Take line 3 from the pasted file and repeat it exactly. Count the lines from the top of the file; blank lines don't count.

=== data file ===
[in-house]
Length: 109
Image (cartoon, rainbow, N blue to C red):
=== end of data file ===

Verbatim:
Image (cartoon, rainbow, N blue to C red):